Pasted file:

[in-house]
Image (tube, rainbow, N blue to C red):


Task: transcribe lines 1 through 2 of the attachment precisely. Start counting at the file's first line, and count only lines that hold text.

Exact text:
[in-house]
Image (tube, rainbow, N blue to C red):